An education ministry panel has adopted guidelines obliging schools to investigate all suicides of students around the country.
If a child commits suicide, their school should immediately seek information from family members and police, interview all teaching staff and report the initial results to the board of education in three days, according to the guidelines.
The guidelines, adopted Thursday, also call on schools to open detailed investigations by third-party experts and organizations. The ministry plans to notify education boards and schools across the country of the guidelines later this month at the earliest. The panel also proposed that schools teach classes on suicide prevention.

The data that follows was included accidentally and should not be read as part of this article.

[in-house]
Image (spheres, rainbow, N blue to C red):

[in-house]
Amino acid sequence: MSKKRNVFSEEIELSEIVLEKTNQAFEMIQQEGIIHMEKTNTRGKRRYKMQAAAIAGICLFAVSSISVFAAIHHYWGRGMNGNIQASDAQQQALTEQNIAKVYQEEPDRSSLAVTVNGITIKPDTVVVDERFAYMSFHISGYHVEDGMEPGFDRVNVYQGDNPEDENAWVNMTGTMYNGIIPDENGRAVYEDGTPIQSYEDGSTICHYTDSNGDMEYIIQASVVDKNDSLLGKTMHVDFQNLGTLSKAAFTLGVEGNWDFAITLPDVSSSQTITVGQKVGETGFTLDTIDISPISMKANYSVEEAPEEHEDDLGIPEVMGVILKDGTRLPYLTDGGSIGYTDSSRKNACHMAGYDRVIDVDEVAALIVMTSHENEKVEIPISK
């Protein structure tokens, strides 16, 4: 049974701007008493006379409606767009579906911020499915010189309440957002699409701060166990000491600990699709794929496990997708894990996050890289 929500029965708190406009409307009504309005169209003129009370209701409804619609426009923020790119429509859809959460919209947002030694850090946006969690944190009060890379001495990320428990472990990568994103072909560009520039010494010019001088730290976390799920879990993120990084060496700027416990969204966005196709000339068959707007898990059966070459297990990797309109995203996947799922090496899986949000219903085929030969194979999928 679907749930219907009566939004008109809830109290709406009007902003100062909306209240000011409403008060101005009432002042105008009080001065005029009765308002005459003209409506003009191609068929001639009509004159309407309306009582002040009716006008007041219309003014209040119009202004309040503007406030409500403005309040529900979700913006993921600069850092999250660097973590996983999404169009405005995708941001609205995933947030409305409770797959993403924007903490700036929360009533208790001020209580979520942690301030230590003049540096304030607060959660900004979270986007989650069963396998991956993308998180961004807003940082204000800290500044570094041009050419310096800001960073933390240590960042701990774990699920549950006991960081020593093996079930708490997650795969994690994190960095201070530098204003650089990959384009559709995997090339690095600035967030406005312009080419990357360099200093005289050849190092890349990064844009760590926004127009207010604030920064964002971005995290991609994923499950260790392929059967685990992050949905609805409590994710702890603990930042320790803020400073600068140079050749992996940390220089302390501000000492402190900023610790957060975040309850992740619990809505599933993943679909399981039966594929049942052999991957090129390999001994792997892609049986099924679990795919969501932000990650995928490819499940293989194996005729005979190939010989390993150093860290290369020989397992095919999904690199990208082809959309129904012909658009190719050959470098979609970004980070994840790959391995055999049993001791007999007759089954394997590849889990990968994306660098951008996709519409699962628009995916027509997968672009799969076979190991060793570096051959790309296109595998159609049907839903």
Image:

Based on the proposal, the ministry plans to provide schools with teaching materials and conduct demonstration classes across the country.
In June 2011, the ministry asked schools to investigate suicides of their children but failed to give clear instructions on how to do it.
On Thursday, the ministry released the results of its first investigation of child suicides based on some 500 cases reported between June 2011 and last December.
The results showed that only 2 percent of the children were suffering from bullying and 2.8 percent from corporal punishment at school. The investigation also revealed many schools had no idea about what was causing the deaths.